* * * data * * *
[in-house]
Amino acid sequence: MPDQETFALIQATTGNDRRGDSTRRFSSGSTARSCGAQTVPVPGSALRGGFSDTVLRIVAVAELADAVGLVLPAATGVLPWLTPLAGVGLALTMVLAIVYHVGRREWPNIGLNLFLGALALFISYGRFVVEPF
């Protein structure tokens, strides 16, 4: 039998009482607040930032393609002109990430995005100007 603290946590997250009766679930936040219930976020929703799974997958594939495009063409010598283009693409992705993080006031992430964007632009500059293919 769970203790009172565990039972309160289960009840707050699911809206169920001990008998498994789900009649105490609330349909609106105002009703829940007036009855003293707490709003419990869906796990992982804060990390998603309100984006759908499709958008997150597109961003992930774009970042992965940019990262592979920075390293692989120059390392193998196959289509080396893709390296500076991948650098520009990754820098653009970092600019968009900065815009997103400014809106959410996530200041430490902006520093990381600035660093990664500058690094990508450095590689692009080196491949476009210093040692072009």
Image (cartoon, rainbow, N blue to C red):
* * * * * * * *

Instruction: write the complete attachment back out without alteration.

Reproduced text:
[in-house]
Amino acid sequence: MPDQETFALIQATTGNDRRGDSTRRFSSGSTARSCGAQTVPVPGSALRGGFSDTVLRIVAVAELADAVGLVLPAATGVLPWLTPLAGVGLALTMVLAIVYHVGRREWPNIGLNLFLGALALFISYGRFVVEPF
């Protein structure tokens, strides 16, 4: 039998009482607040930032393609002109990430995005100007 603290946590997250009766679930936040219930976020929703799974997958594939495009063409010598283009693409992705993080006031992430964007632009500059293919 769970203790009172565990039972309160289960009840707050699911809206169920001990008998498994789900009649105490609330349909609106105002009703829940007036009855003293707490709003419990869906796990992982804060990390998603309100984006759908499709958008997150597109961003992930774009970042992965940019990262592979920075390293692989120059390392193998196959289509080396893709390296500076991948650098520009990754820098653009970092600019968009900065815009997103400014809106959410996530200041430490902006520093990381600035660093990664500058690094990508450095590689692009080196491949476009210093040692072009």
Image (cartoon, rainbow, N blue to C red):